June 16, 2006, The Hindu
Jaipur, India

Special Correspondent

Enrolment of children at the elementary level has improved, says new study

  • Improvement in quality of education and health of students
  • Drop-out rate also falls but marginally
  • 92-95 per cent of the students have meals at schools

The much- talked about mid-day meals scheme introduced in Rajasthan in the Government and Government-aided primary schools has had an affirmative effect on enrolment of children, particularly of the girl child, at the elementary level. It has helped improve the quality of education as well as the health of students, besides helping the families to tide over the problems of hunger and malnutrition, a new study has indicated.

A participatory expenditure tracking survey on the scheme in the district of Chittorgarh in Rajasthan, conducted by CUTS-Centre for Consumer Action, Research and Training (CUTS-CART) in association with the World Bank reported improvement of enrolment in 64 per cent of the schools and improvement in retention in 51 per cent schools in past three years. The enrolment of girls registered an increase in 58 per cent of the schools surveyed while it was found that quality of education improved in 49 per cent of them.

The survey results were presented at a State- level dissemination meeting before experts, World Bank representatives, JVR Murty, Vinod Sahagal, MLAs, C.P.Joshi, Chairman of the Public Accounts Committee and Nathu Singh Gujjar, besides Rajendra Bhanawat, Divisional Commissioner, Jaipur, Saroj Punhani, Accountant General (Audit), Jaipur, Sarathi Acharya, director of the Institute of Development Studies, Jaipur and former director S.S.Acharya.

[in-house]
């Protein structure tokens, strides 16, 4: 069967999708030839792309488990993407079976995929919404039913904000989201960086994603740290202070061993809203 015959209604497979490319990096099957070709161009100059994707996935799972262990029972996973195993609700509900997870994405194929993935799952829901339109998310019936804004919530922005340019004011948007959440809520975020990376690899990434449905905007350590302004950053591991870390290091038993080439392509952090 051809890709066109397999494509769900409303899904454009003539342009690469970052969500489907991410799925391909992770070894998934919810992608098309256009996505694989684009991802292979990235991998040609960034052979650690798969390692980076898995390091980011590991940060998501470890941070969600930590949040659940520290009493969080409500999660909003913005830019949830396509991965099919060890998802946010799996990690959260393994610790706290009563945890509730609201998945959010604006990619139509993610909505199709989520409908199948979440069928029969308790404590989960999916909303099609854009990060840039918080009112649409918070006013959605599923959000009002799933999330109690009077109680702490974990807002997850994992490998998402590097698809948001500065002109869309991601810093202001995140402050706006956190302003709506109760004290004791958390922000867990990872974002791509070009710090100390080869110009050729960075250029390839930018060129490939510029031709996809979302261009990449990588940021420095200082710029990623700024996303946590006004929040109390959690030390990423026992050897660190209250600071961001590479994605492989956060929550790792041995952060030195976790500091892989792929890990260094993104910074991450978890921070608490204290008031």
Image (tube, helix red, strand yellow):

Presenting the findings, the survey team leaders, K.C. Sharma and Dhudeshwar Kumar, however noted the decline in lifting of foodgrains by the State Government in the past three years. The off take of foodgrains was 67 per cent on an average during the period against the total grains sanctioned by the Centre. The unutilised fund (conversion cost) remaining with the districts had steadily increased from 27 per cent to 71 per cent during 2001-02 to 2004-05, they noted.

However, the dropout rate among children from Class I to Class VIII in the district in 2005-06 had been a little less at 37.12 per cent compared to 39.85 at the State level. Chittorgarh, on the other hand, had a wider gender gap at 11.56 per cent in the same category of children against 10.71 per cent at State level in 2005-06.

On the flip side again was the number of cooks employed for preparing the mid-day meals which stood at 7 and 6 per cent from Scheduled Tribes and Scheduled Castes, respectively, though the Supreme Court had issued a directive asking to give preference of SC/ST cooks. A maximum, 64 per cent cooks, belonged to the backward communities while the forward castes accounted for 23 per cent.

The survey found the quality of food served in the schools to the liking of the parents and the children. About 92-95 per cent of the students ate the mid-day meals at school and found it satisfying both qualitatively and in quantity.

The State had initially started the mid-day meals with “googri” or boiled wheat with either salt or jaggery. It started providing variety from April 2005 under the new guidelines of the Supreme Court. Under the guidelines, roti-subzi, roti-dal, puri-sabzi, mithe chawal, namkeen chawal, khichri, mitha daliya, namkeen daliya, lapsi and dal-chawal are in the menu.

Earlier the Centre was providing Re.1 per student as cooking conversion cost against 50 paise from the State Government. In the current session (2006-07), the Rajasthan Government has increased its contribution to Re.1.

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